Our country has a troubled history of making it difficult for some people to vote. And how. We still have a couple of years to go before we celebrate the centennial of women's suffrage. And don't get us started on Jim Crow. But, it must be realized, We the People have made some good progress over the last few decades of expanding voting rights. And with election day officially behind us, it probably wouldn't hurt to take a moment to applaud Arkansas' system.
The jury is still out on states like Georgia and North Dakota. (The courts will rule concerning them, probably soon.) But here in Arkansas, recent cries about our voter ID law "disenfranchising" voters fell silent through the last election period when results spoke for themselves.
Not only did our own Supreme Court uphold the state's revised voter ID law, evidence of much higher voter turnout than the 2014 midterms should serve as proof our state isn't actively suppressing votes by anyone. (As Casey Stengel used to say, you can look it up. In this year's governor's race, more'n 100,000 people voted as compared to 2014.)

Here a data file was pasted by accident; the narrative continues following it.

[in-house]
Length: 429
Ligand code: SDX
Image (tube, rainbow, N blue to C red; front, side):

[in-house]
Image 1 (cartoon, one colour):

Opponents of our state's voter ID law claimed that requiring voters to purchase an identification card in order to cast a ballot was essentially a poll tax. But that argument falls apart when you realize our state law allows voters to receive a voter ID card without charge from the local county clerk.
Unable to vote on election day? Arkansas allows a registered voter to visit any polling place two weeks before election day for early voting. To make voting even easier, Arkansas has absentee ballots for those who simply cannot make it to a polling station. Forget your ID? A helpful poll worker will provide you with a provisional ballot. Then you just show up later with your identification, and your ballot will be counted just like anybody else's.
Voter suppression in Arkansas? If anything, our state makes it pretty easy to vote in each and every election.
That's not to say the system is perfect. This voter registration by mail business is antiquated and needs to be brought into the 21st century. It's 2018, and our Legislature needs to create an online voter registration system. It's a bipartisan issue with legislators like Rep. Greg Leding (D-Fayetteville) and Rep. Aaron Pilkington (R-Clarksville) both expressing support for a hypothetical bill that would make this a reality.
This is how we form a more perfect union. By getting a little more perfect every few years.
Editorial on 11/13/2018